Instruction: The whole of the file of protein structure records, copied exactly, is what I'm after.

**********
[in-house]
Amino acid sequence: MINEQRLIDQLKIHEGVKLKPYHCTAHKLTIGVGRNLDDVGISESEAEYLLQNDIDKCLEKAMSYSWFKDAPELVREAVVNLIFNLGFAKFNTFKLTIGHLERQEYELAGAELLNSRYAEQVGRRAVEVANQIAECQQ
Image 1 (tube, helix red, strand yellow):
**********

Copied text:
[in-house]
Amino acid sequence: MINEQRLIDQLKIHEGVKLKPYHCTAHKLTIGVGRNLDDVGISESEAEYLLQNDIDKCLEKAMSYSWFKDAPELVREAVVNLIFNLGFAKFNTFKLTIGHLERQEYELAGAELLNSRYAEQVGRRAVEVANQIAECQQ
Image 1 (tube, helix red, strand yellow):